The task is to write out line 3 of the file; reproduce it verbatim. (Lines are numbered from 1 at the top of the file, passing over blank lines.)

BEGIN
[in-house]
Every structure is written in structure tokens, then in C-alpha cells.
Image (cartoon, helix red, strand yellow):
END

Image (cartoon, helix red, strand yellow):